Take the 2-minute tour ×
MathOverflow is a question and answer site for professional mathematicians. It's 100% free, no registration required.

For a compact space $K$, the maximal ideals in the ring $C(K)$ of continuous real-valued functions on $K$ are easily identified with the points of $K$ (a point defines the maximal ideal of functions vanishing at that point).

Now take $K=\mathbb{R}$. Is there a useful characterization of the set of maximal ideals of $C(\mathbb{R})$, the ring of continuous functions on $\mathbb{R}$? Note that I'm not imposing any boundedness conditions at infinity (if one does, I think the answer has to do with the Stone-Čech compactification of $\mathbb{R}$ - but I can't say I'm totally clear on that part either). Is this ring too large to allow a reasonable description of its maximal ideals?

share|improve this question
2  
Isn't the answer the same? A maximal ideal will just be one that if you mod out by it you get a field, so certainly the points of the real line will give maximal ideals, by evaluation. Also, any nonunit will be contained in some maximal ideal, but a nonunit must vanish somewhere, and so will be in that. Am I missing something? –  Charles Siegel Nov 3 '09 at 0:07
7  
That says that the ideals given by points of R are dense in the Zariski topology on maximal ideals, not that they are all of them. Just because every nonunit is contained in one of those maximal ideals doesn't mean that there aren't any other maximal ideals. –  Eric Wofsey Nov 3 '09 at 0:21
12  
Explicitly, consider the ideal of compactly supported functions. This is an ideal which is not contained in any of the maximal ideals corresponding to points (since for any point there is a compactly supported function not vanishing at it), but it must be contained in some maximal ideal (since Zorn's lemma is true). –  Anton Geraschenko Nov 3 '09 at 1:36

2 Answers 2

up vote 22 down vote accepted

Peter Johnstone's book Stone Spaces (p. 144) proves that for any X, maximal ideals in C(X) are the same as maximal ideals in C_b(X) (bounded functions), i.e. the Stone-Cech compactification \beta X. Indeed, if I is a maximal ideal, let Z(I) be the set of all zero sets of elements of I; this is a filter on the lattice of all closed sets that are zero sets of functions. Then I is contained in J(Z(I)), the set of functions whose zero sets are in Z(I), so by maximality they are equal. But also, by maximality, Z(I) must be a maximal filter on the lattice of zero sets, and we get a bijection between maximal filters of zero sets and maximal ideals in C(X). Now the exact same discussion applies to C_b(X) to give a bijection between maximal filters of zero sets and maximal ideals of C(X) (since the possible zero sets of bounded functions are the same as the possible zero sets of all functions). But the maximal ideals of C_b(X) are just \beta X.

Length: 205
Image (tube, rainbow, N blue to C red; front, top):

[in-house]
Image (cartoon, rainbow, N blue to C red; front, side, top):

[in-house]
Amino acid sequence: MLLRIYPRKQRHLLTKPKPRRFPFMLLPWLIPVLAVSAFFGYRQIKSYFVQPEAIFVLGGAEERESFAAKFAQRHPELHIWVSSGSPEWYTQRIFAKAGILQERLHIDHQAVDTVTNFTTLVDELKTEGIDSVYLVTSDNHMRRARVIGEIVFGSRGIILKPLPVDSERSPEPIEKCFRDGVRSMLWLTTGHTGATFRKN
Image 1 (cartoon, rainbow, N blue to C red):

The difference between C_b(X) and C(X) is that for C_b(X), the residue fields for all of these maximal ideals are just C, while for C(X) you can get more exotic things. Indeed, if a maximal ideal in C(X) has residue field C, then every function on X must automatically extend continuously to the corresponding point of \beta X. This can actually happen for noncompact X, e.g. the ordinal \omega_1.

Section IV.3 of Johnstone's book has a pretty thorough discussion of this stuff if you want more details.

share|improve this answer

This isn't really an answer to your question, but I'd like to see it here next time I come looking, so I'll post it. The following result is basically Theorem 2.1 in C-differentiable spaces by Juan A. Navarro González and Juan B. Sancho de Salas.

Theorem: For any manifold M, the maximal ideals of C(M) whose residue field is ℝ is exactly in bijection with the points of M.

Proof: It's clear that points give you distinct maximal ideals with residue field ℝ, so we just need to show that every such ideal comes from a point. Suppose m is a maximal ideal in C(M) such that C(M)/m=ℝ and ∩g∈m{g=0}=∅.

Choose a sequence of compact sets K1⊂K2⊂...⊂M such that Ki is in the interior of Ki+1 and M=∪Ki (you can do this since M is hausdorff and second countable). For each i, choose a function fi which is 0 on Ki but 1 outside of Ki+1, and define f=∑fi. Note that for any r∈ℝ, the set {x|f(x)=r} is a closed subset of some Ki, so it is compact.

Since we have a surjection C(M)→ℝ whose kernel is m, there is some r∈ℝ so that f-r∈m. Since ∩g∈m{g=0}=∅, the open sets {g≠0}g∈m is a cover of M, and in particular cover the compact set {f=r}. So there is some finite collection g1, g2, ..., gn∈m so that {g1=0}∩...∩{gn=0}∩{f=r}=∅. But then (g1)²+...+(g1)²+(f-r)²∈m is a nowhere vanishing function, so it is a unit, so m=C(M), a contradiction.

share|improve this answer
1  
So the R-valued points of Spec(C(M)) are just M ... nice! –  Andrew Critch Nov 3 '09 at 4:16
    
So why doesn't this apply to the maximal ideal containing the compactly supported functions? The residue field is not $\mathbb{R}$? What is it? The field of functions which don't vanish at infinity? –  Joe Hannon Jan 20 at 1:41
    
@JoeHannon: "What is it?" is an excellent question. I don't know of a way to actually produce a maximal ideal containing compactly supported functions, only that one must exist by the axiom of choice. The argument in this answer shows that the residue field for such a maximal ideal cannot be $\mathbb R$. I'd expect different such maximal ideals to have different residue fields. Producing one example would be pretty interesting. –  Anton Geraschenko Jan 20 at 19:22

Your Answer

 
discard

By posting your answer, you agree to the privacy policy and terms of service.

Not the answer you're looking for? Browse other questions tagged or ask your own question.